The thesis is a requirement of the Masters of Science in Urban Planning Program. In its simplest description, a thesis is an individually-researched and analyzed answer to a planning question. The goal of a thesis is to teach students to carry out independent research – whether using interviews, statistical analysis, literature review, or other types of fieldwork (or some combination of all of these) – and to hone their professional writing skills in presenting their research.
Starting in Fall 2019, a new parallel option is offered. Professional Capstone, also a 6-point, two-semester requirement, will be supervised closely by a UP faculty member. It requires students to apply knowledge and skills gained from the curriculum to address important planning issue(s). It provides an opportunity to demonstrate understanding of the dynamics of the issue(s), constrains, and potential solution(s). It should focus on an applied, real-world project for an actual client; the only exception is a project conducted under close faculty supervision in a research setting.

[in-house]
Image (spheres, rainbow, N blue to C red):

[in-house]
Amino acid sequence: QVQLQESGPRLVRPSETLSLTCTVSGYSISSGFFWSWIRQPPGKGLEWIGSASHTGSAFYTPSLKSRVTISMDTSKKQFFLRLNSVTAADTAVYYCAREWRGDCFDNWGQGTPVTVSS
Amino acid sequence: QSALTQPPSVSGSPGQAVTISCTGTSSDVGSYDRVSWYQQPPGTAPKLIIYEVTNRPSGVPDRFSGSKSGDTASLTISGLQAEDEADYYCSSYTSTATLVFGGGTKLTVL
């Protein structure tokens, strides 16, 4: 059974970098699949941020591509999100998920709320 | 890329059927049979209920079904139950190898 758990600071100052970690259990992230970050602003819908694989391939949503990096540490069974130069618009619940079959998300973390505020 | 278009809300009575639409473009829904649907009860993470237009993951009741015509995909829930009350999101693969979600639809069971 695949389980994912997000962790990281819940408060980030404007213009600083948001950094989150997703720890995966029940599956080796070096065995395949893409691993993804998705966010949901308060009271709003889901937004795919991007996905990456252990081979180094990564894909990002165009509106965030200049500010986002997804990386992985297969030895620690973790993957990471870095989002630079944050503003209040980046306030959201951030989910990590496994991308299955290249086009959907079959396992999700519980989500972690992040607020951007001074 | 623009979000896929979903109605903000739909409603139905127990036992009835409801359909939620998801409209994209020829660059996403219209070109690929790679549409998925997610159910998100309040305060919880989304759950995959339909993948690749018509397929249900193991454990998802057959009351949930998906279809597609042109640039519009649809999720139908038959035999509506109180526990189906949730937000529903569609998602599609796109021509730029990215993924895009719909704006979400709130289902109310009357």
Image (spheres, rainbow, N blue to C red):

Theses produced in recent years by graduates of the Urban Planning Program are listed below. Theses produced prior to 2012 include the title and abstract for each thesis; these titles are housed in Special Collections, Avery Library, and may be requested through the library. Theses produced since 2012 are available digitally through Academic Commons, the University’s digital research repository, and can be accessed by clicking on the titles below. Graduating students have the option of deferring the publication of their thesis on Academic Commons for up to two years and therefore theses from the past 2 years may not yet be available.
*denotes a thesis awarded a prize at graduation